Democratic presidential candidate Pete Buttigieg hauled in a whopping $24.8 million in fundraising from nearly 300,000 donors the past three months, his campaign announced on Monday.
That’s a massive figure for a White House hopeful who was largely unknown just four months ago. And it’s more confirmation – along with polls – that South Bend, Indiana mayor has gone from a long-shot to top-tier contender for the Democratic presidential nomination.
“This fundraising report shows that Pete’s message is resonating with Americans, and it’s proof that we are building an organization that can compete,” Buttigieg campaign manager Mike Schmuhl wrote in an email to supporters early Monday morning.
Buttigieg was the first candidate to announce campaign cash figures for the second quarter of fundraising in 2019, which came to a close hours earlier, at the end of June.
The campaign received contributions during the second quarter from 294,000 donors, and had $22.6 million cash on hand as of Sunday night, according to national press secretary Chris Meagher.
He added that the campaign had more than 230,000 new donors during the quarter, bringing the total number of contributors to more than 400,000. And touting their small-dollar grassroots fundraising, Meagher highlighted that the average contribution for the second quarter was $47.42 and that donations came in from all 50 states and seven territories.
The topline figure of $24.8 million is more than three times the $7 million Buttigieg hauled in during the first three months of year. And while the 37-year-old mayor’s grassroots appeal is evident in his small-dollar donations, the candidate also aggressively courted top-dollar donors the past two months, holding fundraising events in recent weeks in New York City, Washington, San Francisco, Miami, Houston, Atlanta, Minneapolis, and Boston.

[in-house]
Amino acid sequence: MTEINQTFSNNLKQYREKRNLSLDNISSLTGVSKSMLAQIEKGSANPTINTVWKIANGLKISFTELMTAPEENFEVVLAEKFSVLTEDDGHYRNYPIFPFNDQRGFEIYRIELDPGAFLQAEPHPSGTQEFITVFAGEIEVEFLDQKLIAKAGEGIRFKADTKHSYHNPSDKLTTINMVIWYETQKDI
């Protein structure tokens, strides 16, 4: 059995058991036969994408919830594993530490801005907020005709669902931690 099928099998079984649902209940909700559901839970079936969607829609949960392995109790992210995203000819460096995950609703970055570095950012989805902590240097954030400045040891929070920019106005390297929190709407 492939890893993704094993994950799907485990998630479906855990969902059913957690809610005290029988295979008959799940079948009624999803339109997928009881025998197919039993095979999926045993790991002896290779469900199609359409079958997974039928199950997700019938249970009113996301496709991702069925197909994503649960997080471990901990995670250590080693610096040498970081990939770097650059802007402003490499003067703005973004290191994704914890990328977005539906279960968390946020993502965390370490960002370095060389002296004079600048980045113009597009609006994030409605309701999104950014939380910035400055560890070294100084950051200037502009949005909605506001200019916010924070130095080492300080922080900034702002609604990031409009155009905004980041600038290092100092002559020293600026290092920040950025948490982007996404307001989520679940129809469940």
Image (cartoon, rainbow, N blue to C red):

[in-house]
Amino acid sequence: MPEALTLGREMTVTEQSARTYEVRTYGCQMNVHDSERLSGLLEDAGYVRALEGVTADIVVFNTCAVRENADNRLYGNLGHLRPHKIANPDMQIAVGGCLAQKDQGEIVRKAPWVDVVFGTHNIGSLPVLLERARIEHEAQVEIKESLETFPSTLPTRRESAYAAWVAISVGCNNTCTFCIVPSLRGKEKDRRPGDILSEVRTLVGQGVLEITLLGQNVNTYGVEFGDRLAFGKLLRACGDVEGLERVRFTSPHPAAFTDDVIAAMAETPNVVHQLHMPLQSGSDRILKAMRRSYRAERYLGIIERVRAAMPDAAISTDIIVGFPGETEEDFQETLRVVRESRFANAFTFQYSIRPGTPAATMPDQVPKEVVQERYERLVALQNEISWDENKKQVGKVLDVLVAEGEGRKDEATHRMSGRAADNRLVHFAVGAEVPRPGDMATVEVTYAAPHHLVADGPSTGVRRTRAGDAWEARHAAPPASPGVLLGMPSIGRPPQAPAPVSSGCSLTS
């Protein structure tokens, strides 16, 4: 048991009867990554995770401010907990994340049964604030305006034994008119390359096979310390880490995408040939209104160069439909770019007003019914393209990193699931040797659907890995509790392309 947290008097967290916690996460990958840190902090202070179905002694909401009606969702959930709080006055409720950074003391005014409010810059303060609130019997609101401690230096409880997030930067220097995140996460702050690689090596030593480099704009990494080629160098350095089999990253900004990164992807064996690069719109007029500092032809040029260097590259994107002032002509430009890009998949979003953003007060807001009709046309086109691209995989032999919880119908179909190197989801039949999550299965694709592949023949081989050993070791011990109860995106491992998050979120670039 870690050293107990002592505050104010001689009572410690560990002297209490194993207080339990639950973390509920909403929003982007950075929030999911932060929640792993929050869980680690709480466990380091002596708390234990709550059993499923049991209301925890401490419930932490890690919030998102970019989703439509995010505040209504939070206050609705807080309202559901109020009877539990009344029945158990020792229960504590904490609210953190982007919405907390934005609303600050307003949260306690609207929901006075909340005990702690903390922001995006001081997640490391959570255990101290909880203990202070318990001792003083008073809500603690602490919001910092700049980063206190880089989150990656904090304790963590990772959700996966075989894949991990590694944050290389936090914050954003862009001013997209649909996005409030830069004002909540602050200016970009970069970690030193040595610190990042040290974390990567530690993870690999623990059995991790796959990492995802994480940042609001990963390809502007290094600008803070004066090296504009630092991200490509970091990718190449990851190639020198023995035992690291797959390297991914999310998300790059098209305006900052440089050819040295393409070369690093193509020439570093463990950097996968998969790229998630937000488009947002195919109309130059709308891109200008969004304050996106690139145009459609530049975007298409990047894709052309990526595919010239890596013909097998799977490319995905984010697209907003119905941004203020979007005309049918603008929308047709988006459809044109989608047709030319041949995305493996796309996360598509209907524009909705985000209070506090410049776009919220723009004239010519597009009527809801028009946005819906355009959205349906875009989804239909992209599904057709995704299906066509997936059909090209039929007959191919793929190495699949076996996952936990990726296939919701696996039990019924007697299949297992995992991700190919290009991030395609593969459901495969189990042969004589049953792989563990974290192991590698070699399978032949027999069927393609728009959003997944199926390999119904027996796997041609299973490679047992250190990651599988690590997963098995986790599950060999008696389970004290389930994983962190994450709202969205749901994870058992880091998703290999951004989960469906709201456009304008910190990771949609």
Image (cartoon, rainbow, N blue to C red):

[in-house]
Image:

Buttigieg headlined around 70 top-dollar fundraisers -- as well as small-dollar grassroots events -- the past two months, more than any of his rivals in the Democratic nomination race other than the current front-runner, former Vice President Joe Biden. The former vice president hinted two weeks ago that his campaign had raked in nearly $20 million since he declared his candidacy in late April, nearly a month into the second quarter of fundraising.
While Buttigieg will likely be among the top Democrats in the field of nearly two-dozen contenders when it comes to campaign cash, it’s worth noting that his second-quarter haul was matched by Republican President Donald Trump in a single day. The Trump campaign announced that the president and affiliated committees hauled in an eye-popping $24.8 million during the 24 hours surrounding his formal campaign kick-off in June
Campaign cash, along with polling, is an important metric to measure a candidate's popularity and his or her campaign's strength. Fundraising dollars can be used by campaigns to hire staff, build grassroots outreach efforts, travel and pay for ads.